Nearly eight in every 1,000 babies born with fetal alcohol syndrome, global study reveals


Fetal alcohol syndrome is more common in the global population than previously thought, a new study has revealed.

The study, conducted at the Institute for Mental Health Policy Research Centre for Addiction and Mental Health in Toronto, found that nearly eight in every 1,000 babies are born with FASD.

That number was considerably higher among certain populations, including low-income communities, children who end up in care, are eventually incarcerated or are in psychiatric care homes.

The study, published in JAMA Pediatrics, is one of few to estimate the total number of children in the world who are born with FASD.

Authors noted that the findings highlight the need for more extensive research and a universal healthcare message to warn against exposure in expectant mothers.

Alcohol consumption during pregnancy can cause a wide range of adverse health effects.

The effects of prenatal alcohol exposure can have lifelong implications, so fetal alcohol syndrome disorder is costly for society.

‘Globally, FASD is a prevalent alcohol-related developmental disability that is largely preventable,’ the authors explained.

Researchers at the Institute for Mental Health Policy Research in Toronto looked at 24 studies of 1,416 children and youth diagnosed with the disorder. Findings were published in JAMA Pediatrics.

They found that:

  • Nearly eight in 1,000 babies are born with FASD globally
  • Estimated one in 13 pregnant women who consume alcohol while pregnant will have a child with FASD
  • Prevalence ranges from five to 68 times higher in certain populations than in general
  • Of 187 countries analyzed South Africa had the highest prevalence with 111.1 babies in 1,000 born with FASD  

Fetal alcohol syndrome is often associated with alcoholic mothers who drink excessive amounts during pregnancy.

But in many instances mothers – who are only moderate drinkers in the first place – stop consuming alcohol as soon as they find out they are pregnant.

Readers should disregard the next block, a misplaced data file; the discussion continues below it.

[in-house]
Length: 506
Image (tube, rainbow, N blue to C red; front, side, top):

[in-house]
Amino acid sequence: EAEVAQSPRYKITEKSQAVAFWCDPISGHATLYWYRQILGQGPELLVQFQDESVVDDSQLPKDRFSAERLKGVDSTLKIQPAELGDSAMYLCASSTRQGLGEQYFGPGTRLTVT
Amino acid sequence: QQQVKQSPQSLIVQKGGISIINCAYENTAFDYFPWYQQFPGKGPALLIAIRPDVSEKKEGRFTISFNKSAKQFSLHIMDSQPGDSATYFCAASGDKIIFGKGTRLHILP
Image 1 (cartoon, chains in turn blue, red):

Few people – even doctors – fully understand the symptoms of FASD, but treating it is a round-the-clock occupation.

Most sufferers are first diagnosed with autism, ADHD or bipolar disorder because their behaviors are so similar.

Many – but not all – also have physical symptoms. They have a thin upper lip, smaller eyes, smaller heads, stunted growth, and a damaged central nervous system, which causes issues with learning, memory, attention span, communication, vision, or hearing.

These children are prone to pulling their hair out, breaking furniture, and covering their ears and rocking back and forth in reaction to loud noises.

It means they need incredibly strict routines to prevent violent outbursts.

With little public knowledge of how the disorder manifests itself, there are few resources to integrate children as they enter society. According to one report, 50 percent of individuals with FASD have a history of confinement in a jail, prison, residential drug treatment facility, or psychiatric hospital.

‘The findings highlight the need to establish a universal public health message about the potential harm of prenatal alcohol exposure and a routine screening protocol,’ authors concluded.

Brief interventions should be provided, where appropriate.’

They also noted that there were limitations to the study, particularly the wide range of differences within the studies analyzed, and that they all had different guidelines for diagnosis.

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